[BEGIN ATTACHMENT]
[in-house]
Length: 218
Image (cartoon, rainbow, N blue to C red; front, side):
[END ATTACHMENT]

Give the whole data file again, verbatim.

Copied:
[in-house]
Length: 218
Image (cartoon, rainbow, N blue to C red; front, side):